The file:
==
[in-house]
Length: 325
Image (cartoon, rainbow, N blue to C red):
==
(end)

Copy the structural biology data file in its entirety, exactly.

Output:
[in-house]
Length: 325
Image (cartoon, rainbow, N blue to C red):